XANTHOMA DISSEMINATUM

By Gary M. White, MD

Xanthoma Disseminatum Courtesy Department of Dermatology, University of California, Irvine


Xanthoma disseminatum (XD), also known as Montgomery syndrome, is a rare, benign, mucocutaneous xanthomatosis which represents a non-Langerhans cell histiocytosis.

Clinical

Xanthoma disseminatum presents as orange to red to mahogany-brown papules and nodules symmetric in both axilla and on the flanks typically in a young adult. Lesions are symmetric and the preferred sites of involvement in decreasing order are axilla, eyelids, groin, neck, trunk, and face. Perianal tumors may interfere with defecation.

Treatment

This disease is benign but the course is chronic. Most therapies fail. Although the lipid profile is normal, clofibrate has been used with partial success. Oral corticosteroids and antimitotic drugs may be tried but usually fail.  Cyclophosphamide was beneficial in one patient. Multiple cycles of cladribine and arabinoside (Ara-C) were successful in another patient [British J Dermatology 2014 May]. In another case report, a patient was treated with a combination of rosiglitazone 4 mg daily, simvastatin 10 mg daily, and fenofibrate 200 mg daily treatment. Within a year, his lesions improved 50% [Ann Dermatol. 2012 Aug;24(3):380-382].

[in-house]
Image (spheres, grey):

Additional Pictures

Courtesy Department of Dermatology, University of California, Irvine
Xanthoma Disseminatum

References

A 62-year-old man presented with skin changes on the face, flexors, and trunk for 30 years. Exam showed hundreds of red to brown papules were distributed symmetrically on axilla, genitalia, poplitea, trunk and nasal mucosa. Case Reports in Dermatologic Medicine

A 37-year-old Asian male presented with 5-year history of numerous asymptomatic yellow-brownish papules distributed on face and flexural areas. His lipid levels were normal. He also had diabetes insipidus. Ann Dermatol. 2012 Aug;24(3):380-382

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